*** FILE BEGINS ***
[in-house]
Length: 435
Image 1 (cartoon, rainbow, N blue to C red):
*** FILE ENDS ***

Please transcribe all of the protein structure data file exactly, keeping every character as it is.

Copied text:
[in-house]
Length: 435
Image 1 (cartoon, rainbow, N blue to C red):